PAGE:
We can, from today, implement a few practical strategies to remain hopeful despite Covid “opposition”. Firstly, we can pray for Australia’s leaders every time we receive a Covid update; prayer is an empowering weapon. Secondly, we can start a “gratitude” jar, including three things we are grateful for. I have learned that it is virtually impossible to be thankful and fearful at the same time. Thirdly, we can begin an achievement journal, listing three things we were able to complete, big or small, and make sure it includes something we do for someone else, as well.
Many more healthy habits can improve mental health, and I encourage you to make your list. A positive outlook enhances perspective, and it can help us to respond Christlike under pressure.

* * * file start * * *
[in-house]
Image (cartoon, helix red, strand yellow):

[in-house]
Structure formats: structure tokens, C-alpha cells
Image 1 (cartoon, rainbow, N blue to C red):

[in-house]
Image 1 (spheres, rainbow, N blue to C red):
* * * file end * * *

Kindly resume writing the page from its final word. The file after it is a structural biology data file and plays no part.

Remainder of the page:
In conclusion, 4:10-20, the final passages containing our central verse, reveal significant themes in Paul’s letter, joy and gratitude in all times, timeless encouragement for all centuries. Paul did not encourage from a place of comfort or luxury; he practised what he preached from a place of uncertainty and want. His example is inspiring and worth following. Circumstances did not dictate Paul’s attitude. He recognised Jesus, the sacrifice, the cross, and ensuing salvation, asserting that the gift of eternal life trumps any temporal loss or inconvenience. Likewise, our words and actions in times like Covid are our testimony and witness to Christ. Our attitude may either repel or entice others to discover Jesus for themselves. By the grace of God, I pray it is the latter.
 Susan L Rossell et al., “An Overview of Current Mental Health in the General Population of Australia during the COVID-19 Pandemic: Results from the COLLATE Project,” Psychiatry Research 296 (February 1, 2021): 113660.